Project “One Step Back”
Sonja Schossleitner grew up in a flat in Strobl. When she moved for love to the Eislbauerhof at the other end of the Wolfgangsee to St. Gilgen in 2011, she had no idea about agriculture. However, the product manager for golf clubs gave up her decent job and took the plunge. Today she runs one of a total of nine Archehöfen in Salzburg, along with her husband Andreas.
Professionally speaking, Sonja comes from a technical background. A 15-year-long career at the internationally renowned sport supplies producer, Komperdell, in Mondsee and the responsibility for developing the field of golf clubs is not so easily thrown away as one may think. However, her outlook on life changed dramatically when Andreas entered her life in 2008. ‘My life took on a completely different meaning’, Sonja explains of the feeling of finding a purpose after years of searching.
The Eislbauerhof is not a classic agricultural business, it is an Archehof; a home and breeding ground for rare breeds of livestock. Up here, with a view of the Wolfgangsee, you can find Pustertaler Sprinzen cattle, Pinzgauer cows and goats, as well as Sulmtaler and Altsteirer chickens. The former were traditionally widespread throughout the Alpine region as robust cattle. However, the post-wat treaty between Austria and Italy meant that the local cattle from the Pustertal were forbidden here in the 1920s. South Tirol as enemy territory.
‘Food is there to sustain life. Basta.’
The farmer from St. Gilgen speaks with deep conviction and a touch of relaxed preachiness about the philosophy of the Archehof and the importance of not giving up. At the turn of the century, there were still over thirty farms in the local area here. Today, there are only five. When she took over Andreas’ parents’ farm, the future still seemed very uncertain. The chamber of agriculture was there with some disconcerting advice at the time. ‘Give it up’, the officials said from afar, as anything else wouldn’t make sense with a business of this limited site. For the two motivated young farmers, this was not an option, and somehow they came up with the idea to change course and follow the model of the Archehöfe. A decisive switch in direction, or better said, a courageous step back, but one which will allow you to progress much further forward. This resulted in stepping back from high-yield farming.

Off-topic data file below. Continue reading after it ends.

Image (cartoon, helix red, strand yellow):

‘Children don’t know what purple carrots are any more’.
You can book a room and breakfast at the Archehof. Tourists who do this are able to enjoy an excellent organic breakfast, which may not be as extensive or diverse as some guests might expect at first, but in terms of the content, it has much more to offer, with 15 types of sausage and 10 varieties of cheese. ‘People often complain about the independent farming industry dying out, but then go to the supermarket and buy products containing eggs from battery farming’, says the self-assured farmer, passionately. She thinks that something needs to be done about this.
However, the philosophy of sustainability goes much further than the breakfast menu here. At the Schlossleitners’, you can find fruit trees in the garden and furniture made from recycled farm materials. An old cage door can become a new wardrobe for the guest room. And in the bathrooms, there are older tiles that are still in place. ‘In the sense of sustainable closed loop recycling, you don’t have to get involved with each and every design trend’, the farmer says drily, and she’s right.
‘Accommodation with a view of the Wolfgangsee’
The guests, mainly from Germany and Austria, but increasingly from Switzerland, mostly value the minimalist holidays the farm offers and the countless things to do around Schafberg, Zwölferhorn, and the Wolfgangsee. On the one hand, it attracts the more active tourists who enjoy hiking and cycling, but on the also the culture fans who primarily wish to explore the city of Salzburg, but don’t want to stay in the inner city. She herself doesn’t is staying put, and believes that she has ‘a paradise at her front door’.